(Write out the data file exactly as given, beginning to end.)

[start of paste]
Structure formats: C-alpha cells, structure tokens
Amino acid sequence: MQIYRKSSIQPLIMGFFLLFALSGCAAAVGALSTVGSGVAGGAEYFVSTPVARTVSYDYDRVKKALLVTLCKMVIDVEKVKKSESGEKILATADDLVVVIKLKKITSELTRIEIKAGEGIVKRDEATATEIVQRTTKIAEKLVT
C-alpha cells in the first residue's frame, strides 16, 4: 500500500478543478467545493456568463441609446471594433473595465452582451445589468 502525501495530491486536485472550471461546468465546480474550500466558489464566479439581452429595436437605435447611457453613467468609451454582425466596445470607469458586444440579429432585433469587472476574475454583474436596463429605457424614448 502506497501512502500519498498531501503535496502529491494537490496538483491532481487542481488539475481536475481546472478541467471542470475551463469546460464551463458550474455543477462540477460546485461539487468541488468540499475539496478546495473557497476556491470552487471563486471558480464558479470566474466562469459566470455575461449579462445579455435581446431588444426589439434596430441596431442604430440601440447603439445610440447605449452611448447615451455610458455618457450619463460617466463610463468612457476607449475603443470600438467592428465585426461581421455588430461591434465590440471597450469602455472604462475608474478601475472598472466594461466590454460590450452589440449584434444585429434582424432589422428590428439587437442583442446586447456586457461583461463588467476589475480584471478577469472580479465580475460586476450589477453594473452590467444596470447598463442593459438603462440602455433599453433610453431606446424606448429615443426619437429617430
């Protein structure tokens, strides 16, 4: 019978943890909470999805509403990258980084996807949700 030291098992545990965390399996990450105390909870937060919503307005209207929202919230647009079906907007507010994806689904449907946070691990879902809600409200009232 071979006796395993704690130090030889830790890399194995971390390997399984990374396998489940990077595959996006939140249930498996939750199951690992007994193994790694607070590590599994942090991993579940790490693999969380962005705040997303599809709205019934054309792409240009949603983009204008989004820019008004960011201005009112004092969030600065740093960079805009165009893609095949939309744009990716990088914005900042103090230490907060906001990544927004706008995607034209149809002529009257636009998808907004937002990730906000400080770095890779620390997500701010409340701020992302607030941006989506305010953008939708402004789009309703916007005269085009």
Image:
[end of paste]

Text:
Structure formats: C-alpha cells, structure tokens
Amino acid sequence: MQIYRKSSIQPLIMGFFLLFALSGCAAAVGALSTVGSGVAGGAEYFVSTPVARTVSYDYDRVKKALLVTLCKMVIDVEKVKKSESGEKILATADDLVVVIKLKKITSELTRIEIKAGEGIVKRDEATATEIVQRTTKIAEKLVT
C-alpha cells in the first residue's frame, strides 16, 4: 500500500478543478467545493456568463441609446471594433473595465452582451445589468 502525501495530491486536485472550471461546468465546480474550500466558489464566479439581452429595436437605435447611457453613467468609451454582425466596445470607469458586444440579429432585433469587472476574475454583474436596463429605457424614448 502506497501512502500519498498531501503535496502529491494537490496538483491532481487542481488539475481536475481546472478541467471542470475551463469546460464551463458550474455543477462540477460546485461539487468541488468540499475539496478546495473557497476556491470552487471563486471558480464558479470566474466562469459566470455575461449579462445579455435581446431588444426589439434596430441596431442604430440601440447603439445610440447605449452611448447615451455610458455618457450619463460617466463610463468612457476607449475603443470600438467592428465585426461581421455588430461591434465590440471597450469602455472604462475608474478601475472598472466594461466590454460590450452589440449584434444585429434582424432589422428590428439587437442583442446586447456586457461583461463588467476589475480584471478577469472580479465580475460586476450589477453594473452590467444596470447598463442593459438603462440602455433599453433610453431606446424606448429615443426619437429617430
């Protein structure tokens, strides 16, 4: 019978943890909470999805509403990258980084996807949700 030291098992545990965390399996990450105390909870937060919503307005209207929202919230647009079906907007507010994806689904449907946070691990879902809600409200009232 071979006796395993704690130090030889830790890399194995971390390997399984990374396998489940990077595959996006939140249930498996939750199951690992007994193994790694607070590590599994942090991993579940790490693999969380962005705040997303599809709205019934054309792409240009949603983009204008989004820019008004960011201005009112004092969030600065740093960079805009165009893609095949939309744009990716990088914005900042103090230490907060906001990544927004706008995607034209149809002529009257636009998808907004937002990730906000400080770095890779620390997500701010409340701020992302607030941006989506305010953008939708402004789009309703916007005269085009």
Image: